Disclaimer: I am not a medical doctor and nothing in this article should be taken as medical advice. Please talk to your doctor before using any of the herbs and/or remedies mentioned in this article.
Valerian root should be a staple in every homesteading apothecary. It boasts a plethora of natural healing properties and it’s very easy to grow and preserve.
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The root, which grows natively in Europe, has been used as part of herbal remedies designed to treat insomnia for centuries. In fact, it was Hippocrates who first notably used valerian root to treat anxiety, headaches, trembling, and even heart palpitations.
This hardy root is typically brewed into a tea to ingest it and garner its natural healing powers. Valerian root is also turned into tinctures, essential oil, and homemade gel capsules. The medicinal root is sometimes used as a flavoring in soft drinks and dessert dishes.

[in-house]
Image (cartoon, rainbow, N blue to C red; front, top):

Valerian is a member of the Valerianaceae family and known also by its scientific classification – Valeriana officinalis. The root is native to both Asia and Europe, but has been naturalized to the North American continent.
It is a perennial plant that produces white, pink, or purple flowers that bloom in the middle of the summer.
The healing root boasts a distinct and rather unpleasant odor. There are more than 250 different species of valerian root. The Valeriana officinalis is the species most often used medicinally and the type that now grows throughout the United States.
Valerian Root Medicinal Uses
Valerenic acid, the active compound in valerian root, is thought to impact the brain’s gamma-aminobutyric acid – or GABA, receptors. One of the primary functions of the GABA is to control nerve cells when they become overly stimulated by anxiety or fear. Ingestion of the root can act as a mild and natural anxiety-reducing drug or sedative.
Here are some of the main things it can treat: